Hong Kong's richest tycoon Li Ka-shing has withdrawn an offer to buy a stake in local free-to-air broadcaster Asia Television (ATV), the day after it was revealed that the station has secured rights to broadcast on the Chinese mainland.
Li Ka-shing's multimedia company, Tom.com was set to become ATV's second biggest shareholder by acquiring a 32.75% stake from two companies in the cash-strapped Lai Sun group - property developer Lai Sun Development and eSun Holdings, the parent company of Hong Kong film studio Media Asia.
Tom.com stated it had pulled out of the deal because it is "unable to conduct any meaningful due diligence investigation". However, observers suggested that Lai Sun wanted to restructure the deal, as Chinese broadcasting rights would boost ATV's valuation.
At the same time, Tom.com is understood to have failed in a bid to buy out ATV's controlling shareholder, mainland entrepreneur Liu Changle. Liu - who also co-owns Phoenix Satellite Television with Rupert Murdoch's News Corp - revealed plans to acquire a 46% stake in ATV two months ago.
ATV announced yesterday (Aug 19) that it has become the first Hong Kong terrestrial station to be granted broadcasting rights for China. Its two free-to-air channels, ATV Home and ATV World, have been cleared for carriage on the Guangdong Cable TV network in Southern China, giving it an advantage over its main rival, Sir Run Run Shaw's TVB.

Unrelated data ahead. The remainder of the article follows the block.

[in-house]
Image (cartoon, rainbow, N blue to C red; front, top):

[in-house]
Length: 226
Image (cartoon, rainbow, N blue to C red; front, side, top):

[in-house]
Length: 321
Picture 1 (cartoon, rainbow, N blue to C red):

TVB currently has limited landing rights on the mainland for two satellite channels, but has yet to gain approval for its terrestrial channels, TVB Jade and TVB Pearl. The station also has a joint venture to launch a Chinese channel in partnership with state broadcaster China Central Television (CCTV), although the proposed channel is also waiting to receive the official nod.
Three other foreign broadcasters - Phoenix, News Corp's Star TV and CETV, owned by AOL Time Warner - were granted landing rights for Guangdong Province at the end of last year.
ATV and TVB's free broadcasts are already widely available on the mainland,where they are picked up and re-broadcast illegally by local cable operators. However neither station shares in China's TV advertising bonanza, as the rogue cable operators sell their own ads.